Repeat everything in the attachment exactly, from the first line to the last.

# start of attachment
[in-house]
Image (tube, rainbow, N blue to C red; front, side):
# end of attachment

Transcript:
[in-house]
Image (tube, rainbow, N blue to C red; front, side):